A Show of Police Force After Foster’s Killer Is ID’d

Daniel Perry claims self-defense; 40 arrested in weekend clashes

Boogaloo boys (some wearing the extremist group's trademark Hawaiian shirt) were a regular presence around the altar built to Garrett Foster at the corner where he was killed. (Photo by Jana Birchum)

In the 24 hours leading up to Saturday night's protests, Downtown landlords warned tenants to watch for right-wingers establishing sniper's nests atop their high-rises. Trump supporters announced on social media they were traveling to Austin to confront antifa. And local and state police finalized their plans to bring scores of cops and tons of equipment into the heart of the city.

Also in those 24 hours, Austinites learned the name of the man who had killed Garrett Foster the week before. A group of about 30 amateur community investigators identified Daniel Perry, a U.S. Army sergeant, as the man who drove his car into marchers on July 25, rolled down his window, and shot Foster three times in the chest. (Perry's lawyers confirmed his identity in a statement early Friday morning.)

Perry told police that night that he inadvertently turned into the demonstration and then fired in self-defense after Foster pointed the barrel of his AK-47 at him. Many eyewitnesses, and bystander photos and video, dispute Perry's version of events, but APD released him and withheld his name for nearly a week, spurring the citizen sleuths to take action.

This past Saturday, demonstrators arrived at Fourth and Congress, the site of Foster's killing, around 7pm. While police had maintained a light footprint around the Mike Ramos Brigade's vigil for Foster the day after his death, now cruisers with strobing lights were stationed to the north and south, and a police helicopter circled overhead. At least a dozen civilians carrying assault rifles – appearing to take Foster's place as armed protectors of the BLM protests – could be seen at the periphery, scanning the crowd.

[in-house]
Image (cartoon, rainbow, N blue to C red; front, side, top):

As tensions had ratcheted up the day before, APD put out on social media a reminder that – while "your First Amend­ment right is important to us" – it is unsafe to block the roadway. Demon­strators managed to hold the intersection at Fourth and Con­gress for about 10 minutes before mounted police advanced on the group and pushed them to the sidewalks.

Then followed about two hours of stalemate. As protesters chanted and screamed insults, the cops on horseback withdrew to the south; 50 or more bicycle cops from the north simultaneously replaced them. Then the bike cops withdrew, replaced by dozens of DPS troopers in battle fatigues with riot shields. Some police swooped in to make arrests or deploy pepper spray; most stood quiet and stoic.

For a time, a lonely group of about 10 "boogaloo boys" (some in Hawaiian shirts) with their own assault rifles stood at the corner, separated from the protesters. An MRB chant leader dismissed them, yelling into her megaphone, "Fascists bleed when they come to Austin." She was more concerned about the police. Time and again, she tried to draw the crowd back into the street, without success until the cops again withdrew around 9pm. Only then did the night of protest resemble those of the previous weeks, as a body of about 100 marchers blocked traffic, moving east on Cesar Chavez, and then north to APD headquarters at Eighth and I-35.

Police ended by arresting 37 protesters on Saturday night (three others had been arrested Friday), almost all of them young people taken in for obstructing the roadway. In the days since, activists have continued to pore over videos of Foster's shooting, as well as social media posts from Daniel Perry where he expresses apparent interest in attacking BLM supporters. Many are hopeful that José Garza, Travis County's all-but-certain district attorney come January, will prosecute Perry for Foster's murder.

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